In DSM-IV, if you hear voices, you can be diagnosed with schizophrenia even if this is the only “psychotic” symptom. This has been controversial for a while, because many people hear voices without being actually psychotic. Not only other conditions – such as dissociative identity disorder – are characterized by voice-hearing, but voice-hearing may be a normal symptom related to stress.
Thankfully, the DSM-V workgroup is recommending that someone must have two or more characteristic symptoms of schizophrenia for a substantial period of time in order to be diagnosed. These two symptoms must include at least one core symptom, which are determined to be delusions, hallucinations and disorganized speech. In addition, people must display a significant deterioration in their social or occupational functioning. This criterion was considered for elimination, but the workgroup thankfully decided against this. Again, this protects functioning voice-hearers from a false diagnosis.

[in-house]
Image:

Of course, there is the newly considered diagnosis of attenuated psychosis syndrome, which includes symptoms suggesting a person is at risk of a psychotic disorder. This diagnosis may cause voice-hearers to be pathologized after all, which is a very sad thing.